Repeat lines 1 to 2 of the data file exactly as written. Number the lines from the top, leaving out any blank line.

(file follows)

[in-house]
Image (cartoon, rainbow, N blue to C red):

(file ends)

[in-house]
Image (cartoon, rainbow, N blue to C red):